Journal of UOEH
Online ISSN : 2187-2864
Print ISSN : 0387-821X
ISSN-L : 0387-821X
Troubleshooting in the Treatment of Pseudoarthrosis After a Humeral Diaphyseal Fracture: A Case Report
Naoaki KURINOMARUYukichi ZENKEKayoko FURUKAWAYoshiaki YAMANAKAAkinori SAKAI
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2016 Volume 38 Issue 4 Pages 297-304

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Abstract

We report a case of a patient with a history of surgery for insufficient pseudoarthrosis after a humeral diaphyseal fracture. Although most humeral nonunions are successfully treated with a single procedure, some humeral nonunions are more difficult to heal and require multiple procedures. A-61-year-old man presented at our hospital with pain and deformity in his left upper arm. The humeral diaphyseal fracture had been previously treated elsewhere with open reduction and internal fixation. Some days prior to his visit at our hospital, he had had pain in his left upper arm, without a particular cause, and was admitted to our hospital for initial evaluation. After a complete physical examination, symptoms of infection and any neurovascular deficit were ruled out. Radiographic examination revealed atrophic nonunion of the middle third of the humeral shaft associated with disuse osteopenia. Anterograde intramedullary nailing and bone grafting were performed for the resistant atrophic nonunion of the humeral diaphysis. In addition to the intramedullary nailing, additional fixation was performed for residual rotational instability. A postoperative evaluation revealed a periprosthetic fracture in the distal part of the humerus. Poor bone quality or a deficient plate technique might have lead to the facture. We performed open reduction and internal fixation (ORIF): he underwent fixation with a 2-plate construct for the nonunion of the humeral diaphyseal fracture, together with decortication, debridement, and bone grafting. Eight months after surgery, the patient’s bone had healed and he had recovered flexion (110°) and extension (−30°) without complications. An orthopedic surgeon should be aware of these complications when choosing open reduction and internal fixation for the treatment of a history of insufficient pseudoarthrosis. Patients should be closely followed up for evidence of any complications such as infections and malunions. Fracture fixation in patients with pseudoarthrosis requires strategies to overcome the technical difficulties faced during the procedure.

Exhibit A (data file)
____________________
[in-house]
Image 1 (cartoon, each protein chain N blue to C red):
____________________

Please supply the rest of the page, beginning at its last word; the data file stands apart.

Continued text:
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© 2016 The University of Occupational and Environmental Health, Japan
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